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How Do I Prevent Black Mould?

Updated on November 24, 2017
Stella Kaye profile image

As a property developer, Stella has written many articles on the home environment, decor and problems that arise in the home and garden.

Where Does All That Steam Go? It Settles on Cooler Surfaces, Causing Black Mould to Grow

Ventilation is the key to combating condensation and black mould caused by water vapour in the home
Ventilation is the key to combating condensation and black mould caused by water vapour in the home | Source

Condensation and Black Mould are Lifestyle Issues

In October, in northern climates, your home may be affected by condensation issues which will continue for six months until the weather grows warm again. This often seems to be an insurmountable problem but the solution is fairly easy to implement, Home-owners and tenants alike can rid their homes of mould and mildew by taking just a few steps to ensure excess water vapour can freely escape from the property.

Air bricks and ventilation grilles placed on the inside of exterior walls and internal chimney breasts etc are there for a reason - to ventilate your home but often during the winter months, householders decide to block them up with boards and rags etc. They do this to keep the heat in but they're also trapping in moisture. Homes can become so tightly sealed against the weather, that people don't realise the moisture generated inside the home now has nowhere to go. The occupants' safety can even be at stake if ventilation grilles installed for gas appliances are also blocked up. They are there for a reason - to protect you from carbon monoxide poisoning.

Ventilation, Ventilation, Ventilation! This is the Answer to Black Mould Prevention

Inadequate ventilation is the primary cause of condensation on windows and the mould growth commonly associated with it over the winter months. Moisture build up in the home needs to escape or you will find nasty things occurring such as peeling wallpaper, mould growth on natural fabrics and in areas where there is little air movement such as in corners of rooms or behind wardrobes.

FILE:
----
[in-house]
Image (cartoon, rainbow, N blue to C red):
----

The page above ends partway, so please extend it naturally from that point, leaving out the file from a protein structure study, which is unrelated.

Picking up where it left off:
Moisture build-up and mould growth can cause significant internal problems to the fabric of the building and contents and even poses a significant risk to health if mould is left to grow unchecked. Don’t complain to your landlord about a mould problem when it's a lifestyle problem caused by yourself! Mould will only grow when conditions are moist. Banish excess moisture and the mould will go away. Getting rid of condensation and the black mould it produces is a problem you can easily tackle by reducing the moisture content in the air and allowing adequate ventilation.

Existing mould can easily be eradicated with a bottle of spray on mould and mildew killer available very cheaply from just about any supermarket.

Home occupiers often make the mistake of thinking their home has serious building defects, not realising it is internal moisture build up that causes condensation and mould to occur. Condensation is never caused by ingress of water from the outside. In fact, black mould hates outside water as it will have come through the brickwork and be too salty!

Before the onset of winter, it's always wise to check the fabric of the building so gutters, roofs and damp courses continue to protect your home from outside conditions. When these are fully functional, it further proves that your mould and condensation issues are an internal problem. You can also have all internal pipe work checked to ensure the pipes are water tight too. Water stains from internal leaks leave an orangey brown tinge and again are not associated with condensation and black mould growth.

From October to March, you'll likely see condensation developing on your windows especially first thing in the morning. Even breathing causes the moisture in the air to condense on the internal window panes and if you never open your windows over the winter for fear of losing precious heat, the problem will only get worse. The more occupants and pets you have in your property, the more severe the condensation will be. Even breathing is a cause and whereas nothing can be done about that there are steps you can take to reduce build up of moisture from other sources.

Installing a dehumidifier can help immensely, as can using extractors in kitchens during cooking and in bathrooms when taking a bath or shower.

Cut down on the moisture content in the air by installing a vent for your tumble drier if it is not the self-condensing type and installing vents and air bricks so your home is not hermetically sealed allowing little excess moisture to escape.